Johnny Carson, who died this morning at the age of 79, devoted most of his adult life to that most ephemeral of endeavors, hosting a late-night talk show. I must have seen several hundred episodes of The Tonight Show in my lifetime, and I even went out of my way to watch the last one, yet I doubt I’ve thought of Carson more than once or twice in the thirteen years since he retired, just as I doubt that anyone now alive can quote from memory anything he said on any subject whatsoever.
By an odd coincidence, I happened to see a clip from The Tonight Show last night, on stage at the Acorn Theatre, where the New Group is reviving David Rabe’s Hurlyburly, a play set in Hollywood in the early Eighties. In the last scene, Ethan Hawke watches TV as he snorts all the cocaine he can cram up his nose, and it’s Carson that he watches, ranting wildly all the while. It startled me to hear again the once-familiar theme song and Ed McMahon’s stentorian Heeeeeere’s…Johnny!, yet a moment later I asked myself, How many people in this theater recognize the man on the screen? Not many, I fear.
Strange, then, to think that Carson was once one of the most powerful people in show business, that he could make (or break) careers, that his quips were quoted constantly, at least in the first years of his tenure. He gradually lost interest in The Tonight Show, appearing less and less frequently and to steadily diminishing effect, and in his last few seasons he bordered on self-caricature. Not that there’d ever been much to parody: his comedy routines were dullish, his charmingly casual manner too slender a reed to support vivid impersonation. My parents’ generation recalls Steve Allen and Jack Paar, his predecessors, in a way they don’t and won’t recall Carson, partly because TV was still something of a novelty back then but mostly because they were so much more idiosyncratic as personalities, Paar in particular. What’s more, they took chances, something Carson never did. He always played it safe.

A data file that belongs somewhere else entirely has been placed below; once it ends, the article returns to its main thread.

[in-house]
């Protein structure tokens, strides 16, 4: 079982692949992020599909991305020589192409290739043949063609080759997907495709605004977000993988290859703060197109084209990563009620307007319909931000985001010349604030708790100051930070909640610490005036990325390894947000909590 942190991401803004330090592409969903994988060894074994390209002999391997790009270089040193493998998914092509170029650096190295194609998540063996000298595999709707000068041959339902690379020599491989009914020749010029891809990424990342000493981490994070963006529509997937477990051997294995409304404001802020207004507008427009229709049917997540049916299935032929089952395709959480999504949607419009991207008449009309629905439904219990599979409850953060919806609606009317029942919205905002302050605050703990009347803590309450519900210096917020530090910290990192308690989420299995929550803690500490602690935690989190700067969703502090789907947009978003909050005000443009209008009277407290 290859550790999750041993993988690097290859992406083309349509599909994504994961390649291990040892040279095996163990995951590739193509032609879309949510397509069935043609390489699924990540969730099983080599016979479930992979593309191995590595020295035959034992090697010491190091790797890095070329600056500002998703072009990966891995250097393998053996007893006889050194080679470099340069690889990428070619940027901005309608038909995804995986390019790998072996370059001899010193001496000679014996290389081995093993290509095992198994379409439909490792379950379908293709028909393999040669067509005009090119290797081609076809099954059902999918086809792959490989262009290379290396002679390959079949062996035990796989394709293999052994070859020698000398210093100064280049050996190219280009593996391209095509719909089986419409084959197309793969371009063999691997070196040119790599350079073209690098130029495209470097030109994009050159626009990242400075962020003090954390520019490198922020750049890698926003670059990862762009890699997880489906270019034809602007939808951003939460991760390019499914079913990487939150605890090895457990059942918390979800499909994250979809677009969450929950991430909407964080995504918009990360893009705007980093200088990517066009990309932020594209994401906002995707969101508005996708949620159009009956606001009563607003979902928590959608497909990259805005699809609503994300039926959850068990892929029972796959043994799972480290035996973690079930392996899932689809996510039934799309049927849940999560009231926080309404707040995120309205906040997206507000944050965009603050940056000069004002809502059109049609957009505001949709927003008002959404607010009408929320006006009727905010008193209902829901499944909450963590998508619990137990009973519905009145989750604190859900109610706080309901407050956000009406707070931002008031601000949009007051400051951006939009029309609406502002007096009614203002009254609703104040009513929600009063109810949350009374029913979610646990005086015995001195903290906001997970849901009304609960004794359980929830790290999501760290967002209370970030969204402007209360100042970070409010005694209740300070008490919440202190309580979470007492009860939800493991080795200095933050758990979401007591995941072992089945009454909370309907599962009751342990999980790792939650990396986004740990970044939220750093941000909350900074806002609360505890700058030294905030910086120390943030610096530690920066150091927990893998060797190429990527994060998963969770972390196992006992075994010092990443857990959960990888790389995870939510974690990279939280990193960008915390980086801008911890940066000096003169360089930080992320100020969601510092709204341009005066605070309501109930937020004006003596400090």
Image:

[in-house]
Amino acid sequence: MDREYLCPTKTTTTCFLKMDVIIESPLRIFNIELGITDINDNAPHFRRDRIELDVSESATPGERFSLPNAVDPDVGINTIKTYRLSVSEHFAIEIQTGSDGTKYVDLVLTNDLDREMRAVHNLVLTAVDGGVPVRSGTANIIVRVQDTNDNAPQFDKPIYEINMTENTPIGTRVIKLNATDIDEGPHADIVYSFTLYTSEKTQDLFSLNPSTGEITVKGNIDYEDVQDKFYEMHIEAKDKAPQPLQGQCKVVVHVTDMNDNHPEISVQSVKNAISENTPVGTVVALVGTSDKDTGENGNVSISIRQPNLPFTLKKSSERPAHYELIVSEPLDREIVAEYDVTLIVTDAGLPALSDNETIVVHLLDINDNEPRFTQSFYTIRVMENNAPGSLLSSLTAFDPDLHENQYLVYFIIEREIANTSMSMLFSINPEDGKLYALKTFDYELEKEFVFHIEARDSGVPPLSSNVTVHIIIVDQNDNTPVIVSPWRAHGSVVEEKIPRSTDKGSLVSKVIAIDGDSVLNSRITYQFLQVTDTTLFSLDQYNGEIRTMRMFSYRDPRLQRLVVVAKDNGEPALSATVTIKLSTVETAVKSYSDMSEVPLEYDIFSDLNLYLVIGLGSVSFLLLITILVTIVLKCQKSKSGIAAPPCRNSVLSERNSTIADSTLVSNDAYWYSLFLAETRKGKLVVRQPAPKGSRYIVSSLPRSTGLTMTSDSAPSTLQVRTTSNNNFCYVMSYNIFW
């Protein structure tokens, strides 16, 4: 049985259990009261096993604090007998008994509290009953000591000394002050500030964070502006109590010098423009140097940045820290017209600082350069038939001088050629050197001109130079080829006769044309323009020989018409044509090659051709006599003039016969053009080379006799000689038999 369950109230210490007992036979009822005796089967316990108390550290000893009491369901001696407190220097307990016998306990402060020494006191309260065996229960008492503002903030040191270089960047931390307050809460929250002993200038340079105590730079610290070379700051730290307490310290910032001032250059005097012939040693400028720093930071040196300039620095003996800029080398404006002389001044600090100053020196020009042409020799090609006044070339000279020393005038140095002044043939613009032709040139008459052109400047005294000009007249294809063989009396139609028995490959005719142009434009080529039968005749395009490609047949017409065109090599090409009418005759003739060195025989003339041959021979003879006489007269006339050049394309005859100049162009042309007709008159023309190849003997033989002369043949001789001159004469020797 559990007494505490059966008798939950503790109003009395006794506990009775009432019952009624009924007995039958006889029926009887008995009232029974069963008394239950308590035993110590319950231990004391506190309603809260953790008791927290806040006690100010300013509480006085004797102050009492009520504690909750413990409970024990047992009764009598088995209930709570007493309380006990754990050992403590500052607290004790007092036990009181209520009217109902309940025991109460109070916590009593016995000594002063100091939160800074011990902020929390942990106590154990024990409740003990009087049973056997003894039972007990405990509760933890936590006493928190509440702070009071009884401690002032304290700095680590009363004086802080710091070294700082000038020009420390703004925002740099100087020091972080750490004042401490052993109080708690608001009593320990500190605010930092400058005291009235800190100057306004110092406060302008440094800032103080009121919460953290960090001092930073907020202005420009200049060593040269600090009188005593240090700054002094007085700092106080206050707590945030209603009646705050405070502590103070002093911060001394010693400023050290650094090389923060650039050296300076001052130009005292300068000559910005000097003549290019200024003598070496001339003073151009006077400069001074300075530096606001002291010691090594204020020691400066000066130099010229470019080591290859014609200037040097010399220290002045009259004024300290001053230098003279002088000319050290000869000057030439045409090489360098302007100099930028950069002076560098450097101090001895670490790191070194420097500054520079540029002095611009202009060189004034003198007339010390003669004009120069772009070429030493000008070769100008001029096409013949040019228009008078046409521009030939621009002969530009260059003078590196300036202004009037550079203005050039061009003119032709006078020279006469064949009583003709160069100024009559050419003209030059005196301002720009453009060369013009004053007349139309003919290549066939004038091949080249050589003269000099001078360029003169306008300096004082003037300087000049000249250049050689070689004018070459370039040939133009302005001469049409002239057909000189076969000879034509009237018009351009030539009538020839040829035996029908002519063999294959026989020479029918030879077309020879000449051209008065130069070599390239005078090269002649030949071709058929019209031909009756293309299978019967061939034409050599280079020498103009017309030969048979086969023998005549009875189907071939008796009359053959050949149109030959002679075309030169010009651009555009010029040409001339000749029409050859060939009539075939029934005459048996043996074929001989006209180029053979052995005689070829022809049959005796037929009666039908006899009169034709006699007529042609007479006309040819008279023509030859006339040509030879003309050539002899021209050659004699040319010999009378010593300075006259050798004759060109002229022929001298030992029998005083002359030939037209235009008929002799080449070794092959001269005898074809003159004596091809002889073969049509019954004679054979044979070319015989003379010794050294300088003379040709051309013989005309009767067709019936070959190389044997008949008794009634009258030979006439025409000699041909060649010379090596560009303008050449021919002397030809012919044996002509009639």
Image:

The obits are being written now, the TV retrospectives being readied for tonight’s newscasts, and I’m sure they’ll be properly sentimental and respectful. I might even tune in NBC, his old network, to see what they have to offer. But probably not: I’m increasingly disinclined to wallow in nostalgia about nothing, which is what will be on tap for the next couple of days. And after that? A fast fade to black, I expect. American popular culture is cruel and brutal when it comes to the immediate past: it respects only extreme youth, and has no time for the day before yesterday.
All of which somehow makes me feel sorry for Johnny Carson. I wonder what he thought of his life’s work? Or how he felt about having lived long enough to disappear into the memory hole? At least he had the dignity to vanish completely, retreating into private life instead of trying to hang on to celebrity by his fingernails. Perhaps he knew how little it means to have once been famous.